OTTAWA — In an effort to attract donors, former Conservative cabinet minister Maxime Bernier will officially throw his hat in the Tory leadership contest Thursday.
Bernier will march into the Conservative Party headquarters Thursday afternoon, hand over $25,000 and paperwork that includes 300 signatures from Tory members, and formerly launch a campaign that is expected to last more than 13 months.
The popular Quebec MP told The Huffington Post Canada Wednesday that he decided to join the race early because he’s ready.
Maxime Bernier speaks in the House of Commons in Ottawa on Thursday, June 4, 2015. (Photo: Sean Kilpatrick/CP)
“Why wait when you are ready? I did a lot of consultations across the country with a lot of members, and my program is ready. I know that I can raise money for that leadership and my organization is ready all across the country so why wait? I want to be out there speaking about my vision for the country and what I believe as soon as possible, because that is important for me.”
But Bernier also acknowledged the giant financial advantage a candidate may gain by declaring sooner than the others. Receiving earlier access to Conservative membership lists means a leadership contestant can tap potential donors sooner, max out their donation limit and lock them in for the year preventing other contenders from tapping the same source of income.
“One person can only give $1,525 each year,” Bernier said, his blue eyes sparkling and a smile on his lips.
"People said I would not be re-elected. I was re-elected with the biggest majority in Quebec every time. I’m very popular in Quebec, outside Canada."
Elections Canada rules state an individual can donate a maximum of $1,525 in total to all leadership contestants in each calendar year.
This week, another former cabinet minister, Kellie Leitch, became the first to file her papers and is launching her bid for the leadership. Conservative party members will choose their next leader on May 27, 2017.
The Conservative party has set the entrance fee at $50,000 — half of which is payable immediately. Another $50,000 is requested as insurance that a candidate will abide by the party rules. The campaign spending limit has been set at $5 million.
4 key themes
Bernier told HuffPost his campaign will focus on individual freedoms, personal responsibility, fairness, and also respect.
“I think more personal freedoms will bring more prosperity,” he said.
“When I am speaking about respect, I’m speaking about respecting the Constitution — that will be important — respecting the taxpayers, respecting the members of our party and respecting the diversity of our country and its different regions, so I will have policy that will be based on these four themes. I’m ready with the ideas, and I’m looking forward to going out there and speaking with our members and Canadians about what I believe.”
Open to discussion of pot legalization
Bernier said he will not interfere in areas of exclusive provincial jurisdictions such as health care and education.
“In health care,” he said, “the [Liberal] government wants to give money with conditions. That is a provincial jurisdiction. The provinces are the experts, they are the ones who manage the hospitals.”
Bernier, a well-known and self-promoted libertarian, told HuffPost that he will not be calling for the legalization of all drugs but he will wait and see what the Liberals do with marijuana before pronouncing himself specifically on pot.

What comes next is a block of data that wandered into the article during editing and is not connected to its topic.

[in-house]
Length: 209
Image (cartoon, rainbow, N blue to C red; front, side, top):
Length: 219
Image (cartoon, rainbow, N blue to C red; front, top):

“Forbidden drugs will be forbidden, but … for marijuana, I’m open to having that discussion, and I’m going to wait [to see] what the government will do.”
'Nothing there' in 2008 scandal
Bernier made national and international headlines in 2008 after it was revealed that, as foreign affairs minister, he had left briefing documents at the home of his then-girlfriend, Julie Couillard, who had links to the Hells Angels. Bernier resigned and was sent to the ministerial dog house — a junior portfolio as minister of state for tourism and small business.
“It’s a fact of my political career, and it’s there. I think I’ve managed it pretty well since that time. For me, there is nothing there,” he said.
“People said I would not be re-elected. I was re-elected with the biggest majority in Quebec every time. I’m very popular in Quebec, outside Canada. I’m popular with the members of our party but maybe not with the population of Canada.”
Maxime Bernier is shown arriving to be sworn in as the new minister of foreign affairs, accompanied by Julie Couillard, in Ottawa on in this Aug 14, 2007 file photo. (Photo: Paul Chiasson/CP)
The demotion allowed Bernier to continue to build a profile for himself across Canada. He toured, promoted his blog and his ideas of limited taxation and increased personal freedom. He became a popular fixture at the Manning Centre conference, an annual gathering of Conservatives and conservative-minded people in Ottawa.
At Manning in February, Bernier all but announced his plan to run. He came out with a team of young people wearing ‘Maxime For Leader’ T-shirts and handing out cards to his new website.
(Photo: Althia Raj/HuffPost)
Bernier said he is joining the race “to win” and believes that after four years of a big spending Liberal government, Canadians will be itching for a government with a smaller footprint.
“Justin Trudeau told us that we were only going to have $10 billion deficit every year, and now it’s triple that. People know that today’s deficits are the taxes of tomorrow,” Bernier said.
“The spending isn’t for infrastructure as people think it is, two-thirds of this spending is on social programs, so the young generation will have to pay a bill, and they won’t benefit from that – and I think that will be very important four years from now.”
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